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Chapter 7

The next day Fred showed up in his scramble suit to hear about the bugging installation.

"The six holo-scanners now operating within the premises -- six should be sufficient for now, we feel -- transmit to a safe apartment down the street in the same block as Arctor's house," Hank explained, laying out a floor plan of Bob Arctor's house on the metal table between them. It chilled Fred to see this, but not overly much. He picked the sheet up and studied the locations of the various scanners, in the various rooms, here and there so that everything fell under constant video scrutiny, as well as audio.

"So I do the playback at that apartment," Fred said.

"We use it as a playback-monitor spot for about eight or perhaps it's nine, now -- houses or apartments under scrutiny in that particular neighborhood. So you'll be bumping into other undercover people doing their playbacks. Always have your suit on then."

"I'll be seen going into the apartment. It's too close."

"Guess so, but it's an enormous complex, hundreds of units, and it's the only one we've found electronically feasible. It'll have to do, at least until we get legal eviction on another unit elsewhere. We're working on it ... two blocks farther away, where you'll be less conspicuous. Week or so, I'd guess. If holo-scans could be transmitted with acceptable resolution along micro-relay cables and ITT lines like the older --"

"I'll just use the shuck that I'm balling some broad in that complex, if Arctor or Luckman or any of those heads see me entering." It really didn't complicate matters that much; in fact, it would cut down his in-transit unpaid time, which was an important factor. He could easily truck on over to the safe apartment, do the scanning replay, determine what was relevant to his reports and what could be discarded, and then return very soon to --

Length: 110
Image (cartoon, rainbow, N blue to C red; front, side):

To my own house, he thought. Arctor's house. Up the street at the house I am Bob Arctor, the heavy doper suspect being scanned without his knowledge, and then every couple of days I find a pretext to slip down the street and into the apartment where I am Fred replaying miles and miles of tape to see what I did, and this whole business, he thought, depresses me. Except for the protection -- and valuable personal information -- it will give me.

Probably whoever's hunting me will be caught by the holo scanners within the first week.

Realizing that, he felt mellow.

"Fine," he said to Hank.

"So you see where the holos are placed. If they need servicing, you probably can do it yourself while you're in Arctor's house and no one else is around. You do get into his house, normally, don't you?"

Well shit, Fred thought. If I do that, then I will be on the holo-replays. So when I turn them over to Hank I have to be, obviously, one of the individuals visible on them, and that cuts it down.

Up to now he had never actually laid it on Hank as to how he knew what he knew about his suspects; he himself as Fred the effective screening device carried the information. But now: audio and holo-scanners, which did not automatically edit out as did his verbal report all identifying mention of himself. There would be Robert Arctor tinkering with the holos when they malfunctioned, his face mushrooming up to fill the screen. But on the other hand he would be the first to replay the storage tapes; he could still edit. Except that it would take time and care.

But edit out what? Edit out Arctor -- entirely? Arctor was the suspect. Just Arctor when he went to fiddle with the holos.

"I'll edit myself out," he said. "So you won't see me. As a matter of conventional protection."

"Of course. You haven't done this before?" Hank reached to show him a couple of pictures. "You use a bulk erasing device that wipes out any section where you as the informant appear. That's the holos, of course; for audio, there's no set policy followed. You won't have any real trouble, though. We take it for granted that you're one of the individuals in Arctor's circle of friends who frequent that house -- you are either Jim Barris or Ernie Luckman or Charles Freck or Donna Hawthorne --"

"Donna?" he laughed. The suit laughed, actually. In its way.

"Or Bob Arctor," Hank continued, studying his list of suspects.

"I report on myself all the time," Fred said.

"So you will have to include yourself from time to time in the holo-tapes you turn over to us, because if you systematically edit yourself out then we can deduce who you are by a process of elimination, whether we want to or not. What you must do, really, is edit yourself out in -- what should I call it? -- an inventive, artistic ... Hell, the word is creative way ... as for instance during the brief intervals when you're in the house alone and doing research, going through papers and drawers, or servicing a scanner within view of another scanner, or --"